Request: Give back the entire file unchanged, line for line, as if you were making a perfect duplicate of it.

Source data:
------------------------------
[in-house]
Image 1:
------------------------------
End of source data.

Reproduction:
[in-house]
Image 1: